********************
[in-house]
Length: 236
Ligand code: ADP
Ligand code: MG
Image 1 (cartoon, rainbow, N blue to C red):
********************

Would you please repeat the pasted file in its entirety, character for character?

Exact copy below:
[in-house]
Length: 236
Ligand code: ADP
Ligand code: MG
Image 1 (cartoon, rainbow, N blue to C red):